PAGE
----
CRS | The Conflict Research Society Book Of The Year

Book Of The Year

The CRS Book of the Year Prize honours research that is contemporary, exceptional and world leading, and which provides an invaluable contribution to the literature on conflict and peace studies, very broadly defined.  It is an annual prize selected from nominations made by leading authorities around the world in the areas of conflict and/or peace studies.


How to Nominate a Book for the CRS Book Prize

The annual book prize nomination period opens each year in October. A call for nominations is sent out in October via email to all CRS members, the board, as well as a variety of leading scholars and institutions from around the world. The deadline for making nominations is the last day in November.  Winners are normally selected by end of January.  However, you can make nominations outside of the nomination time-frame window by emailing Andrew Thomson (



Winner of 2021 Conflict Research Society Book of the Year Prize

The Conflict Research Society congratulates Janet I. Lewis on winning the 2021 Conflict Research Society Book of the Year Prize for her book titled How Insurgency Begins: Rebel Group Formation in Uganda and Beyond published by Cambridge University Press (2020).

How Insurgency Begins: Rebel Group Formation in Uganda and Beyond examines how rebel groups form, and why only some incipient armed rebellions succeed in becoming viable challengers to governments. How Insurgency Begins shows that rumours circulating in places where rebel groups form can influence civilians’ perceptions of both rebels and the state. By revealing the connections between villagers’ trusted network structures and local ethnic demography, Dr. Janet I. Lewis shows how ethnic networks facilitate the spread of rumours and information that favours rebel group development. This in-depth analysis of conflicts in Uganda and neighbouring states speaks to scholars and policymakers seeking to understand the motives and actions of those initiating armed rebellion, those witnessing the process in their community, and those trying to stop it.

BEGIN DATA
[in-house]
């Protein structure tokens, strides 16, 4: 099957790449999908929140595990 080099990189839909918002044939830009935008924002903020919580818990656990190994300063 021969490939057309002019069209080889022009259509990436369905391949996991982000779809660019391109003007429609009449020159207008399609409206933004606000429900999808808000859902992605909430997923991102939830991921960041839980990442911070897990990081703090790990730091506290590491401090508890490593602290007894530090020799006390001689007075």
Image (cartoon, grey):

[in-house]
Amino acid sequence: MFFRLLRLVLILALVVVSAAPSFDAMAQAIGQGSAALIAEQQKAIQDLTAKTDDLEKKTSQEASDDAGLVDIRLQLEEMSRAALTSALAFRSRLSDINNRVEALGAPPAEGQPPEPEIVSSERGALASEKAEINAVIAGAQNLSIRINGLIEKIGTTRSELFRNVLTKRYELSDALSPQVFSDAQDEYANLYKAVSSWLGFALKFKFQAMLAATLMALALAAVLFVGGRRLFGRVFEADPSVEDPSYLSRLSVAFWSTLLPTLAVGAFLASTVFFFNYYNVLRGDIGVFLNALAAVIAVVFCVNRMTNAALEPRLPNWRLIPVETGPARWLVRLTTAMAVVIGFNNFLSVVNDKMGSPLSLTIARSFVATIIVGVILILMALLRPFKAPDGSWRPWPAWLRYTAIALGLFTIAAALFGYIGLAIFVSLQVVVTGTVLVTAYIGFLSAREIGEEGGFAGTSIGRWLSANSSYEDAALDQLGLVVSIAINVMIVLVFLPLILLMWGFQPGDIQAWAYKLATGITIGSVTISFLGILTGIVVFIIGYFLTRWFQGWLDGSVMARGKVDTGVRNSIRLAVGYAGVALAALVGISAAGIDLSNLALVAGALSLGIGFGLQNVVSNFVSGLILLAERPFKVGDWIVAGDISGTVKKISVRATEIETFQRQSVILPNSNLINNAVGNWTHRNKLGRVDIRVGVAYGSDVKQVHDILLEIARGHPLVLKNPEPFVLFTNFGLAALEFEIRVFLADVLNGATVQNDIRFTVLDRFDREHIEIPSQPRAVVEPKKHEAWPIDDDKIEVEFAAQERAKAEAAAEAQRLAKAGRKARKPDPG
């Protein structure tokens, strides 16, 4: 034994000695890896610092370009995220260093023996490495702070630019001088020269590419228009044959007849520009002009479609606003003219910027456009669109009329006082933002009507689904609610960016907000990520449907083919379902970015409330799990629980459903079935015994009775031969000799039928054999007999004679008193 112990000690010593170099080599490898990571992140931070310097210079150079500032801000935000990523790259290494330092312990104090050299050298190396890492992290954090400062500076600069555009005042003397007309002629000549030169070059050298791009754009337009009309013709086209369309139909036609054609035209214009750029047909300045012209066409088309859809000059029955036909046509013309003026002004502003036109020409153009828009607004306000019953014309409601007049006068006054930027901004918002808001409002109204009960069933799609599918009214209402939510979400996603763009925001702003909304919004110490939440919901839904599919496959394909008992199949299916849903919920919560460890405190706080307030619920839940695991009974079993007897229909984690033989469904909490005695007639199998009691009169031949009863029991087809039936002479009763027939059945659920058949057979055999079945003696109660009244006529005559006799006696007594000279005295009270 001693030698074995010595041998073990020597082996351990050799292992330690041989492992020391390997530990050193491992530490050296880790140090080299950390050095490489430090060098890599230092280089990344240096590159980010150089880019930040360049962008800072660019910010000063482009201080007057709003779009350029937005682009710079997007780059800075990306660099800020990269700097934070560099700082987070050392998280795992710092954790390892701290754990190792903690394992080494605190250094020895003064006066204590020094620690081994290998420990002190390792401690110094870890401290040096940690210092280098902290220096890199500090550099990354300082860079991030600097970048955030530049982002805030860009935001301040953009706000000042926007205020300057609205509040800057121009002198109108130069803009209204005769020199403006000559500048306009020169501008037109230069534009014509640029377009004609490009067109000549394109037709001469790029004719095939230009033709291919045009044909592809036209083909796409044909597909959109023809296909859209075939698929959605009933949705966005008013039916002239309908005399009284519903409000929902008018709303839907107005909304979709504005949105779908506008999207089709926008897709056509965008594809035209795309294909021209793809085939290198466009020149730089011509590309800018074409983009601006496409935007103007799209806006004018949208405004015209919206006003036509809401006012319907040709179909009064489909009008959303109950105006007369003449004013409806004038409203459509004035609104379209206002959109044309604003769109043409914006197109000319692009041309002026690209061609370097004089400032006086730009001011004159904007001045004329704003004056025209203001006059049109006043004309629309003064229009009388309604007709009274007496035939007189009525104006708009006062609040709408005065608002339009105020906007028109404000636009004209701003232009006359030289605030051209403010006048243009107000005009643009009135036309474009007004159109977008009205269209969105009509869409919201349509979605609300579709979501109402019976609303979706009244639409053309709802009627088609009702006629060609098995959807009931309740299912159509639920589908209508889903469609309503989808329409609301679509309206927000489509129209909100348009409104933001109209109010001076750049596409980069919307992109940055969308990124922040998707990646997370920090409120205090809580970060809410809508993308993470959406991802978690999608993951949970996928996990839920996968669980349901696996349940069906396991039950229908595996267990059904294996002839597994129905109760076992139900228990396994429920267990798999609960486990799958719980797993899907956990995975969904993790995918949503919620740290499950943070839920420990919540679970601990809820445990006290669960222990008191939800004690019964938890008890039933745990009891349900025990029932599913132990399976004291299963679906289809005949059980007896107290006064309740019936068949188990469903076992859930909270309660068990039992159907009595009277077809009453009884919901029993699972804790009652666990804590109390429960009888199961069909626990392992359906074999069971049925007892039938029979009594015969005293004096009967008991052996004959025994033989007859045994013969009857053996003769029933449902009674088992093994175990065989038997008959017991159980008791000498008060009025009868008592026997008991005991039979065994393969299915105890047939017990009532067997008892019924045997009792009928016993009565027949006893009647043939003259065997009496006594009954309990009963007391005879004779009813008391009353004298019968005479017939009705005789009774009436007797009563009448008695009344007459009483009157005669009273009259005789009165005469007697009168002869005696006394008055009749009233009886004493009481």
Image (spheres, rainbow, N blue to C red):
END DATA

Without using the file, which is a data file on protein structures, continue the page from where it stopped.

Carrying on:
The prize committee received over 50 nominations from conflict/peace researchers, institutions, practitioners and publishers from around the world. The committee chose the winning title out of 7 short-listed books based on criteria such as how well the book demonstrates a significant contribution to conflict/peace studies, impact factor, methodological rigour, robustness and credibility of the findings, the extent to which it is interdisciplinary, quality of writing and presentation.

Judges on the CRS Book Prize committee praised How Insurgency Begins: Rebel Group Formation in Uganda and Beyond for the way it identifies and “takes apart” some “prominent prevailing assumptions in the existing literature on rebel group formation” and subsequently offers “new ways of thinking about the initial stages of rebellion”.  The judges highlighted the “painstaking” work done to provide “excellent methodological rigour” in compiling new datasets and triangulating this with years of in-depth field work. The judges agreed that this was an “excellently structured, engagingly written and brilliantly argued book.”